The fifteenth century Council of Constance ends the Catholic Church’s papal schism and sets Europe on its path to the Renaissance in this in-depth history.
At the dawn of the fifteenth century, the Ottoman Empire posed an existential threat to Christian Europe. Meanwhile, the Catholic Church was in chaos, with three Popes claiming the Chair of Saint Peter and dangerous stirrings of reform. In an attempt to save the Christian world, Emperor Sigismund of the Holy Roman Empire called the nations of Europe together for a conference at Constance, beside the Rhine.
In The Battle for Christendom, historian Frank Welsh demonstrates that the 1414 Council of Constance was one of the most pivotal events in European history. The last event of the medieval world, the months of fierce debate and political maneuvering heralded the dawn of the Renaissance and the rise of humanism. Yet it would also bring about darker events, as the first moments of the Protestant Reformation began with the burning of the Czech divine, Jan Hus.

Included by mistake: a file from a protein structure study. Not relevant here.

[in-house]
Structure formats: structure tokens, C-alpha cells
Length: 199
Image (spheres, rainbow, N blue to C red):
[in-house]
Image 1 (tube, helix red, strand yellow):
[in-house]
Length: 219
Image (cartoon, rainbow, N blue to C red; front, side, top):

The story rises to a climax on the battlements of Constantinople in 1453 where, despite all of Sigismund’s attempts to repel the Ottomans, the East rose up once more. In Welsh’s lively retelling, The Battle for Christendom is an enthralling history that holds lessons for our own times of international turmoil.